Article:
In this case I’m using the Adaptive mode with a Edge length of 0.8 cm to get a relatively uniform result.
- Face count, sets the target amount of polygons for the output mesh;
- Quad tolerance, sets the tolerance for the deviation from the face count
- Subdivision factor, specifies if the retopology process uses subdivisions to output the mesh. Example: subdivisions set to 2 will process a quarter of the target face count, then subdivide the mesh after the retopology;
- Regularize, controls how much the quad polygons should try to reach roughly the same size;
- Anisotropy, controls the uniformity of the square-shaped polygons generated by the retopology;
- Adaptivity, controls how much the generated quad size can adapt to the curvature of the surface.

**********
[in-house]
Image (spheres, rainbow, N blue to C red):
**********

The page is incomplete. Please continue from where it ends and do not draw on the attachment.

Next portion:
And you see how quickly it works when the source geometry is simple enough to still retain the details, but without overloading the algorithm with a huge amount of polygons.
Let’s use the Symmetry modifier to recreate the original geometry, then recompute the Smoothing Groups with a Smooth modifier. Just to make sure that there aren’t any duplicated vertices, I’m going to apply a Welder modifier on top of everything.
Now that the retopology is done, I can unwrap the mesh, because I want to export it and create some textures in Substance Painter.
As you can imagine, trying to unwrap the original mesh wouldn’t have been easy, without creating a lot of seams on the object. It’s still a relatively complex geometry, so to unwrap it you need a little bit of patience, but it doesn’t take too long.
Here you can see the result of the unwrap:
The asset is ready, we can now place it in a small scene and render a few images.
The additional assets are from Quixel Megascans. Lighting and rendering with Corona Renderer 7.
That’s all guys. You should now be able to leverage the power of these Retopology tools available in 3ds Max, and re-mesh all those assets that would otherwise render incorrectly and be very hard to unwrap.
See you next time!